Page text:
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Thread: Stickier tires need stickier brakes

  1. #1
    Registered Member

    Mazda Protege5

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    Oct 2019
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    Austin, TX
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    Stickier tires need stickier brakes

    Hi, all. So, first post. Nice to meet you. I love sticky summer tires and have had Bridgestone Potenza RE-71R tires on my Protege 5 for the past couple of years. They are so sticky, though, they overwhelm whatever OEM-style brake pads are currently on the vehicle and I can't get the car to skid on dry tarmac no matter how hard I stand on the brakes.

    If only my pads had a tad more friction, thought I, I bet I could slow down even quicker and in shorter distance

    I'm an HPDE enthusiast and I use Carbotech and G-LOC brake compounds on my track car. Unfortunately, Carbotech/G-LOC only have pads for the OEM front caliper, not the rear. I kind of like the idea of keeping the brake balance the way it is, so don't want to put dissimilar compounds front to back on this car.

    So I settled on Stoptech Street pads 308.08920 rear and 308.06370 front and some new blank rotors. Centric high carbon 125.45049 for the rear, and Beck Arnley 0832522 for the front.

    I'll report on whether I can finally get my front tires to skid on dry tarmac a couple weeks after the parts arrive. Wish me luck!

    Has anyone else encountered anything similar? If so, what was your solution?

  2. #2
    Comp Engineering Student Riot_Polizei's Avatar

    2002 Mazda Protege5

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    Jan 2018
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    Colorado
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    Mazda6 (non-MSP) calipers, rotors, pads, etc are a direct drop-in to the Protege/Protege5's front spindle. It's a cheap big-break upgrade, and has done me well in my races. Slap in some aggressive pads like Hawk pads and some sturdier rotors, and that thing will take a beating! I can already aggressively threshold brake, but I can only imagine how much better it'd be with the aforementioned racing rotors and pads, and maybe some braided steel brakelines.

    I still run the OEM rear brake set-up, but the size mismatch has not disturbed the balance of the vehicle...much. When I brake, the rear really hops up thanks to the better stopping power up front, but never has it swung around on me while trail breaking or jabbing them pre to mid-apex.

    EDIT: I'm also envious of your RE-71Rs! I'm one of the very few people in my class not running them, and it makes the fight that much harder.
    2002 Mazda Protege5
    ■ Sunburst Yellow ■ Black Rear Valence ■ Injen Cold Air Intake ■ Racing Beat Catback Exhaust ■ Moog Front Endlinks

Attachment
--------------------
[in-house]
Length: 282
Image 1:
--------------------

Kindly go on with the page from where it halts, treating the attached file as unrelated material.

■ Megan Racing Rear Strut Tower Bar ■ Racing Beat Rear Sway Bar ■ Mazda6 Front Big Brakes ■ Foglight Deletes
    ■ OBX 4-1 Headers ■ MP3 ECU ■ VTCS-less Intake Manifold ■ Mishimoto Aluminum Racing Radiator + Fan Shroud
    ■ AWR Trailing Arms ■ Eibach Lowering Springs


    ______________________________

  3. #3
    Registered Member

    Mazda Protege5

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    Quote Originally Posted by Riot_Polizei View Post
    , and maybe some braided steel brakelines.
    Doh. You know what? My brake lines might be old and squishy, thus not transferring all my pedal force to the calipers. I didn't think of that until now. Hmmmm. Well, I know what the next change will be if the pad/rotor friction is still not enough to overcome tire/road friction. Thanks for the idea, RP.

    What tires do you run in your class? Re-71Rs are stickier, but don't last as long on track as say Hankook RS-4s.

  4. #4
    Comp Engineering Student Riot_Polizei's Avatar

    2002 Mazda Protege5

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    Jan 2018
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    Colorado
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    Aye man, glad I could give you some ideas.

    I run some Yokohama S.Drives, and they've done well for the deal price I got them at. But they're sure as hell not RE-71Rs, and a lot of people can run circles around me!

    To clarify, I don't participaye in the SCCA. I'm in a time attack hosted by a racetrack with their own set of rules. I'm unfortunatey the biggest and heaviest car in my class. My compettitors are primarily Miatas with stock internals but lots of suspension work and RE71R tires, with the odd CRX, civic, or MR2.
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